1. Take an old No. 0 round brush and dip it into your tin of Humbrol light earth.
    2. Wipe away the excess paint on a lint free napkin and pick a horizontal aria on top of the model.
    3. Start slowly tapping and blending (adding a little thinner when necessary) a semi transparent layer of earth over the all the horizontal surfaces of the model. This is a little hard to understand and it is important that you refer to picture no. 11. IMPORTANT!!!…We are trying to make a consistent, but semi transparent layer of light earth with the base paint still faintly apparent.
    4. Do not apply this layer of earth to any extrusions on the flat surfaces. These extrusions being weld seams, hinges, grab-handles, or any narrow flat areas approximately less than 1/32" across. We ignore these areas because the rain quickly washes the mud and dust off these narrow parts onto the larger flat areas below.


Picture no. 11

A view of the in-process application of the dust coat. The right side of the toolbox shows the muddled appearance of the washes and thinned light earth. The left side shows the carefully blended coat of earth and dust. Note how the base coat from process "A" and the muddled thinned light earth from process "F" are still lightly evident through the blended coat of dust. The top of the superstructure has already been completed. Now it is clear as to how the thinned light tapped earth from process "F", is working with the coat of dust. Together they give the result of a scuffed, tracked, even coat of earth and dust that has settled on the horizontal surfaces of the vehicle. Also evident in this view is some of the splattered streaked light earth also done in process "F".

    1. Apply a layer of dust still using Humbrol light earth on the tops of the cylindrical fuel tanks. Dip the brush in some Humbrol thinner. Using vertical strokes, carefully work and blend the Humbrol light earth down the sides of the fuel tanks. Refer to the picture of the finished fuel tanks at the end of the article.
    1. After you have applied an even coat of earth to the vehicle’s top and blended any horizontal cylindrical objects (external fuel tanks and gun), you will need to apply some very faint washes over the entire vehicle. Add some additional streaks on the side starting at the top to represent dust running off the top of the vehicle.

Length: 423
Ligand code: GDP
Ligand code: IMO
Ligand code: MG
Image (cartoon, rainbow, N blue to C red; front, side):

Picture no. 12

The SU-100 with the blended coat of dust applied over all of the horizontal surfaces. Take a look at the cover over the gun mantel. Note the scuffed appearance and the extra streaks of dust running down its side. A number of extra faint washes where also applied to help bland the dust-coat with the rest of the weathering.

You may have already noticed the clean double handed saw mounted on the side. I did not realize until after process "G", that I had forgotten to paint it with a metallic color. I had to take some time and go back and apply processes "E" and "F" to make it resemble the rest of the vehicle.

Picture no. 13

Another view of the model after process "H" has been completed. Note the downward streaks coming off the mantel and down the sides of the superstructure. Also take into account the chaotic earth on the fenders. Note how the base-coat now resembles painted steel instead of plastic. The darker sprayed coat of Tamiya earth is evident on the chassis from the fenders down.

Lets talk about our current location

Armored fighting vehicles are constantly walked on by their crewmembers and open to the weather. The base coat in step four of process "E" along with the muddled flat tapped appearance obtained in process "G", was to provide a base for process "H". Now we have a realistic coat of dust across all of the horizontal surfaces of the vehicle. Because of our chaotic finish from process "G", the coat of dirt and dust from process "H" has a slightly uneven appearance that would resemble constant walking by crewmembers and washing from the rain.

Now what we need to do is start adding a little more dark earth. Yes…. I know…..how could we possibly need any more earth colors. Trust me, part "I" is also an important part.

  1. Fresh dark mud

Over the old, dry, light layers of mud and dust, new mud is constantly being splattered from the movement of the vehicle and other vehicles nearby.